Reactions From Bonnie's Readers

The Secret Lives of Us Kids:
This is a book that teaches the value of self-help to all of those suffering from endless setbacks and heartbreak. The reader will find that there is humor and even good to be found in the worst of times.
- Henry and Mary Ewalt

You have a way of turning words into something magical.
- George Baldwin

In Too Personal for Words,  Bonnie weaves together stories of the past and present into a compelling narrative that will affect the reader deeply.

It’s Only Raven Laughing focuses on the historic West. Her characterization of the lives of women are memorable. Each word is chosen for its clarity and visual affect.

"What a window to our heritage."

quilt"The Bisbee Quilt" from Bonnie's fourth book, It's Only Raven Laughing.

"The images are clear and simple, no pretence. Your lines are clean. The cadence flows."

"Your work is down to earth, each poem portraying a story, based on actual facts."

"In From the Marias River to the North Pole, and Montana, Too, how could you have depicted my childhood in writing about yours?"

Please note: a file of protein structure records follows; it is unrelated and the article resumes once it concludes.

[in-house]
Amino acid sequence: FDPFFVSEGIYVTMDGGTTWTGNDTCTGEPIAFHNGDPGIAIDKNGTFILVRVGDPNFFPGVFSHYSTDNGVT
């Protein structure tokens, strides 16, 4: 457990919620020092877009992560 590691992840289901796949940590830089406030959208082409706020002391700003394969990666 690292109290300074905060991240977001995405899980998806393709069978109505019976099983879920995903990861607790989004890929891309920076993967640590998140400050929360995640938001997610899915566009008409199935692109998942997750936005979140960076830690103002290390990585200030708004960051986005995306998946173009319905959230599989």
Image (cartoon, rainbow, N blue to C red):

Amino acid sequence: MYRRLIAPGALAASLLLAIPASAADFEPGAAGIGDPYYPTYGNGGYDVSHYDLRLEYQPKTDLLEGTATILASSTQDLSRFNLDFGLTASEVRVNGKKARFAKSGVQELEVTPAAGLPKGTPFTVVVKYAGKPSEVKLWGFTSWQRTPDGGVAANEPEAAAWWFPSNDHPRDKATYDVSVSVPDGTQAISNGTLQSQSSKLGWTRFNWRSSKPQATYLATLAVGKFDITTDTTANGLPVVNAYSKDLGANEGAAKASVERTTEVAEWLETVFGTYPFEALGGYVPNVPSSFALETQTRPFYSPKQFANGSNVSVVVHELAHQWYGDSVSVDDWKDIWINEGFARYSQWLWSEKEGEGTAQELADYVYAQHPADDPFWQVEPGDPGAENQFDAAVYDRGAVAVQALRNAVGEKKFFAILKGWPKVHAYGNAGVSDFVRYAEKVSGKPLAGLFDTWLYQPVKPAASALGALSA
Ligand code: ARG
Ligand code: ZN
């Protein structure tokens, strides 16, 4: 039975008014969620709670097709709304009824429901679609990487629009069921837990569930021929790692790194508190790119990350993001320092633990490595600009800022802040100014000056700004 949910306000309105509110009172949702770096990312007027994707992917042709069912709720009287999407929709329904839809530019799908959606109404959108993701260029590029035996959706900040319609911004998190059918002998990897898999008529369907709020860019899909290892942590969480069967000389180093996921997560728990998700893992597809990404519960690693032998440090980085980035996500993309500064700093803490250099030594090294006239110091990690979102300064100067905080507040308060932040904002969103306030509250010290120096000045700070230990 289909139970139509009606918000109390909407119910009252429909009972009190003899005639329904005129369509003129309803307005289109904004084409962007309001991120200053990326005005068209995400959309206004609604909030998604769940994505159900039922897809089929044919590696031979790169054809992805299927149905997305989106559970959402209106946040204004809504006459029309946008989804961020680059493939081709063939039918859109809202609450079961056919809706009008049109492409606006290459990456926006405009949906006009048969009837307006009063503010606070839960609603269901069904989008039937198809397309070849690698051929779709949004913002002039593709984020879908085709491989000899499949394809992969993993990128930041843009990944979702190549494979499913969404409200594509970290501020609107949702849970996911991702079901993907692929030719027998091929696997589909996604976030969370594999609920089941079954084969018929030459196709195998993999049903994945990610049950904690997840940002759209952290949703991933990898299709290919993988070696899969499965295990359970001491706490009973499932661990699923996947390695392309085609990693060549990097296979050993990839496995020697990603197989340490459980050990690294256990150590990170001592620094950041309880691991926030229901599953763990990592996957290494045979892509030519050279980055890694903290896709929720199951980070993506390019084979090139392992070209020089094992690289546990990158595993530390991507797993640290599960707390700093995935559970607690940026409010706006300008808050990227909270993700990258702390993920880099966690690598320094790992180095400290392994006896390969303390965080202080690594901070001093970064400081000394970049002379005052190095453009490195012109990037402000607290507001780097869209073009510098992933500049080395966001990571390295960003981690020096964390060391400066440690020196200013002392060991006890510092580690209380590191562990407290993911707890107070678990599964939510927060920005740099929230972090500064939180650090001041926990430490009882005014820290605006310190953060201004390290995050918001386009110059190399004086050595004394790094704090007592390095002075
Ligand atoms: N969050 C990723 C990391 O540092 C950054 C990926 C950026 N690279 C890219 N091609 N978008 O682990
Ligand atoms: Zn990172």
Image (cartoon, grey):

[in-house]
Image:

"These poems send shivers down my spine."

"Where have all the cowgirls gone?  Now I know."

"You remind me that our legacy to the next generation is worth recording."

"I feel like I know the small quiet girl growing up in rural Montana in the 1930s and 1940s."

"Thank you for putting into words so much that is honest and speaks of love and pain and life."

"I was crying so hard reading your poems that I had to pull the pickup to a stop."

"Them’s not poems, them’s stories."

 

Solstice Communion

Voices bless a winter flower
of red and gold,
of chile and corn;
worn hands pass the first tamales
from the dented roaster.

Communion wine is New Mexican,
red as sangre.
Masa is the bread of life.

Days of solstice preparation,
corn hand-ground,
red chile simmering,
and pork roasting.

Grandmothers’ memories
soften hojas and whip masa,
soft as sugar.

Masa on a fan of hoja,
red chile and meat in center.
Tamales carefully folded.
Organic origami.

They rest on chips of juniper,
an offering to Our Lady,
to the coming of the light.